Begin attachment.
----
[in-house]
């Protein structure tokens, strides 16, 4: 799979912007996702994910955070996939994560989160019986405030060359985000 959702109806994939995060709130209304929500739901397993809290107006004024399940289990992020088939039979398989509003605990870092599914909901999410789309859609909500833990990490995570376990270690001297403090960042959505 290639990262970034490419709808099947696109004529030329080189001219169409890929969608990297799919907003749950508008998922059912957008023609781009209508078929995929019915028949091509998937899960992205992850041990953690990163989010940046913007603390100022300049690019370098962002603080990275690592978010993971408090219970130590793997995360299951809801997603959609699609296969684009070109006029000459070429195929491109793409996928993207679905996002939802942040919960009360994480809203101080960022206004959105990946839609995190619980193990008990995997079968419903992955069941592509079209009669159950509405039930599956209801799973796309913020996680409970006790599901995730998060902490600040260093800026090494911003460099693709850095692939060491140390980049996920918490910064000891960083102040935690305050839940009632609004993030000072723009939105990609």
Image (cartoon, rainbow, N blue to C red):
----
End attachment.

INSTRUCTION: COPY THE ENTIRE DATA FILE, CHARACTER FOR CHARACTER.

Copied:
[in-house]
């Protein structure tokens, strides 16, 4: 799979912007996702994910955070996939994560989160019986405030060359985000 959702109806994939995060709130209304929500739901397993809290107006004024399940289990992020088939039979398989509003605990870092599914909901999410789309859609909500833990990490995570376990270690001297403090960042959505 290639990262970034490419709808099947696109004529030329080189001219169409890929969608990297799919907003749950508008998922059912957008023609781009209508078929995929019915028949091509998937899960992205992850041990953690990163989010940046913007603390100022300049690019370098962002603080990275690592978010993971408090219970130590793997995360299951809801997603959609699609296969684009070109006029000459070429195929491109793409996928993207679905996002939802942040919960009360994480809203101080960022206004959105990946839609995190619980193990008990995997079968419903992955069941592509079209009669159950509405039930599956209801799973796309913020996680409970006790599901995730998060902490600040260093800026090494911003460099693709850095692939060491140390980049996920918490910064000891960083102040935690305050839940009632609004993030000072723009939105990609």
Image (cartoon, rainbow, N blue to C red):